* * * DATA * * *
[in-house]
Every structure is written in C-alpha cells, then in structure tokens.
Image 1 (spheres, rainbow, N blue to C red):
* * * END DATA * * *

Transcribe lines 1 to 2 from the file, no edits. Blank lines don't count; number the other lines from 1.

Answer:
[in-house]
Every structure is written in C-alpha cells, then in structure tokens.